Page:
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Who has kept a mimic?


Dec 17, 2002

I'm compiling records of longevity and husbandry information for mimic octopus in captivity. I would appreciate hearing from anyone who has first hand experience with this species or the wunderpus. Please, no second-hand or anecdotal information from those you have seen in pet stores. I don't need just "good news", I'm also interested in learning about "husbandry failures".
After years of hearing how delicate these are,and researching what I could, I acquired one and have found their husbandry to be pretty straightforward with just a couple of twists. The longevity records that I've compiled so far (all for adult octos acquired from the pet trade, except one from a dealer in Japan) shows a range of 2 days to nine months. Although the data set is still small, except for two records where one animal lived two days and one lived about nine days, all the other notes have shown a range of 4 to nine months (except ours at 5 weeks, but it is still alive). This is pretty respectable for a tropical species acquired at adult size. Most of these records are from public aquariums, so I'm interested to learn if home aquarists are seeing similar results.
I've attached a pic of our little guy. Lots of what I've heard about them has been wrong. I think people who haven't actually have kept one are extrapolating from what the species does in the wild - they don't require sand (ours actually prefers to hang out in the coral rather than in the sand). When its well fed and content, it curls up in a ball and blends in to the gravel or a rock - having no stripes at all. Ours has refused all live food (Uca, Lysmata, Gambusia) but began taking Euphasia off a broomstraw from the second day. We have it in a 40 gallon tank with an undergravel filter - no simpler aquarium than that. They don't require huge amounts of room (although I think the jury is still out on the wonderpus - they are apprently more active, and may need more space).

Jay Hemdal


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What sort of longevity are you seeing with that species? Are they in a public aquarium setting or a home?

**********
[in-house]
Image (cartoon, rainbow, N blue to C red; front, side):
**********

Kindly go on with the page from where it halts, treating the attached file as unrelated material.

From what I've seen (In the wild), these guys like to bury themselves in sand. That's a nice specimen you have there, I hope he does good for you.

:tentacle2: :biggrin2:
Very cool jhemdal, I seen that on the discovery channel a little bit ago and its cool to see you actually have one. Just curious if its still around and if you have other posted pictures?

I have been keeping a wunderpus at my home in my ceph system for roughly 7 weeks and he is still going strong. I'm documenting him in this thread: http://www.tonmo.com/community/index.php?threads/7229/
He had some digging activity in the first few weeks, but never really got into it seeming content to live behind the intake to the external overflow. I have only fed him live shrimp, but I suspect that he would happily accept dead shrimp. I give him live because the live bait shrimp I use are actually cheaper than anything I can get frozen - although I did freeze a bunch for a shrimpless day.

I have always been a little concerned about calling 'hard to keep' species hard to keep, when they haven't really been kept. :biggrin2: I think a lot of the 'hard to keep' label comes from poor getting animals at the end of the custody chain when they have had the most chance for abuse.

I haven't found the wunderpus particularly difficult, and I didn't find the flamboyant I was lucky to keep particularly difficult, but as my wife sitting next to me points out, that isn't really telling the whole story. I have had oodles of reef keeping/saltwater animal experience, so system design and upkeep is something I take for granted. I also have a 150 gallon plus dedicated ceph system that usually has an empty space in it so when the flamboyant and the wunderpus were available I had a place ready for them. I also got healthy animals. So, are they difficult or have I been lucky with them or are they not so difficult one you have a saltwater thumb...I don't know.
Having "available space" is something I'm planning in my setup.
I think I'm leaning towards about a 90g main tank, and several other tanks, etc linked to it, for breeding, etc. Having something like a devided 20-30g tank ready for "emergency" additions or visitors (we all go on vacation, right?) is something I'm going to design in. Better safe than sorry. :smile: